The name "New Zealand spinach" emphasizes both its closeness to this other vegetable and its southern origins.
While indeed found in New Zealand, tetragon also grows in China, Chile and a number of Atlantic islands. Its arrival in Europe dates back to the late 18th century, when it was introduced by Captain Cook's mission returning from New Zealand. Its cultivation then spread throughout the Anglo-Saxon countries.
The plant's fruit forms an odd 4-pointed capsule, which is responsible for its "geometric" name.
Tetragon is an annual plant of the Alzoaceae family, whose fleshy, thick green leaves are edible. Note that botanically it is unrelated to spinach, which belongs to the spinaca family.
Tetragon is a remarkable vegetable. Rich in water and fiber, it is low in calories, making it an excellent diet food. It promotes intestinal regularity.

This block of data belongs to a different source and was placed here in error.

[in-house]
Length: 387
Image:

Its high vitamin C content contributes to good health; it also contains vitamins B1, B2, PP and minerals in significant amounts.
The leaves can be eaten raw or cooked. Its flavor is pleasant with a touch of bitterness, a slightly briny flavor and nice crunch.
Eaten raw, the small young leaves of the top of the plant are good in salads, to which they lend an original touch.
Cook tetragon like spinach by wilting in a little butter. It can then be served with fish or white meats or simply added to mashed potatoes for a delicious purée.
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